And I relate to her so hard. Because it’s tough being a girl who isn’t traditionally feminine (and doesn’t particularly want to be traditionally feminine) without feeling like you have to then discard every potentially “girly” thing about yourself lest people treat you exactly the way you don’t want to be treated. And if you start to want one of those “girly” things, you wonder if the only way to get it is to discard every potentially “boyish” thing about yourself lest your “girlishness” be called into question. Gender presentation starts to feel like a razor’s edge: pick one side or the other, or you’re going to cut yourself.
Echizen’s struggles are, like the rest of the cast, treated lightly and comically, but there’s real anxiety here, and a touch of commentary too, I think, about the pressures placed on people (especially girls) to adhere to these rigid ideas about gender. Whether it’s Ohta passively defying public expectations or Echizen actively trying to shape her identity (even as she fights against parts of that same identity), Tanaka-kun is all too aware of how a person’s appearance affects the way they’re treated by others, and the many challenges that come with it.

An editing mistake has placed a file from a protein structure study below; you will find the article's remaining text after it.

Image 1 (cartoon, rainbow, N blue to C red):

Which is why I’m glad the series makes it a point to highlight the difference between image and identity, and to call attention to how unfair it is to expect “gorilla-like” boys to be troublemakers and softhearted girls to be demure. Barring a few exceptions (c’mon, Ohta, let Tanaka wear a women’s kimono if he wants to!), the show is as relaxed about gender norms as it is about everything else, featuring characters who don’t fit into neat boxes and characters who love them for it. Just one more reason I enjoyed this comfy comedy so much.
“Wow,” some of you might be thinking, “it’s impressive how you managed to spend all that time talking about Echizen struggling with social norms and never once mentioned her relationship with Miyano! It’s almost like you’re deliberately avoiding the hot-button topic of queerbaiting or something!” Worry not, dear readers. I know the ‘ships of Tanaka-kun are a subject people want to see discussed, and I plan on doing it. But it’s a tricky one, and possibly a lengthy one, and so it is definitely an essay for another day.